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Taiwan, Voting for Trouble?
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The Washington Quarterly 23.2 (2000) 135-151

Tough Choices in Taiwan

The long-hoped-for seismic political change in China, that should have softened Taiwan's opposition to dealmaking with the mainland, has failed to materialize. Beijing remains adamant that Taiwan must be reunified under a "one country, two systems" formula, preferably by peaceful means (even the peaceful means are coercive: pressure, diplomatic isolation, and so forth) and if necessary by coercion or military means. Meanwhile, as Taiwan's second democratic presidential election approaches, mainland and island China are keeping a wary eye on each other. The very divergent political systems on both sides of the Taiwan Strait are groping for ways to influence each other, but the goals on each side are so dissimilar that the outcome of the election remains highly unpredictable.

Nevertheless, it appears that Beijing is now pursuing its aims with greater sophistication than in 1996, when it staged missile tests and large-scale military maneuvers in the waters around Taiwan to intimidate the electorate. Despite some threats and leaks about military maneuvers, nothing similar to 1996 has happened during this electoral cycle. Circumstantial evidence suggests that the Chinese military still favors a hardline approach towards Taiwan and considers war inevitable in the mid to long term. For the time being, the civilian leadership has the final say. President Jiang Zemin's flexible rhetoric seeks to entice the United States in further weakening Taiwan, while offering new inducements to the Taiwan business community. Local governments in the coastal provinces across the Taiwan Strait and the local and Taiwanese business sectors stand to lose most if war would break out and are therefore lobbying against the hardline gaining control.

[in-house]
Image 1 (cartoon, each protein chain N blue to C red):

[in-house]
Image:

In Taiwan, the dynamics of multiparty democracy have fractured the political spectrum. There is a much broader range of views now on how to define Taiwan's future status; how to respond to China's escalating campaign of pressure, military threats, and diplomatic isolation; and how much to bank on intervention by the United States if the People's Republic of China (PRC) decides to use force against the island. The incumbent President Lee Teng-hui and two of the three major presidential candidates, Vice President Lien Chan of the Kuomintang (KMT) and Chen Shui-bian of the Democratic Progressive Party (DPP), show by their words and actions varying degrees of willingness to risk military confrontation in the hope that this confrontation will be brief and limited and that the United States would bail Taiwan out. The other major candidate, independent James Soong, and two minor ones, Lee Ao of the New Party and Hsu Hsin-liang, a defector from the DPP, are prepared to seek accommodation with China so as to avoid military conflict and rebuild constructive relations between both sides.

The 'Two States' Controversy and the Issue of Sovereignty

Despite U.S. and Taiwanese military intelligence reports in February 1999 about a new missile buildup on the southeastern China coast facing Taiwan, cross-strait relations experienced a fragile recovery during the first half of 1999. Both sides were gearing up for a historic visit to Taiwan in the fall by China's senior quasi-official envoy Wang Daohan, Jiang's personal confidant and chairman of the Association for Relations across the Taiwan Strait (an official nongovernmental organization that in the absence of intergovernmental relations with Taipei negotiates with Taiwan's equivalent, the Strait Exchange Foundation).

Then, Lee suddenly upped the ante. With his surprise announcement on July 9, 1999, Lee asserted that cross-strait relations should be redefined as "special state-to-state relations" rather than relations between a central government in Beijing and a local government in Taipei. Lee's move outraged Beijing and strengthened the hands of the hardliners, culminating in a new round of military threats and rumors of preparations for war.

For several weeks, tension was so high that a repeat of the sabre rattling of 1996 seemed imminent. U.S. critics of the Clinton administration's ineffectual China policy interpreted Lee's "two states" announcement as Taiwan's rebuttal to President Bill Clinton's endorsement of the "three noes" during his China visit in summer 1998: "The [United States] does...

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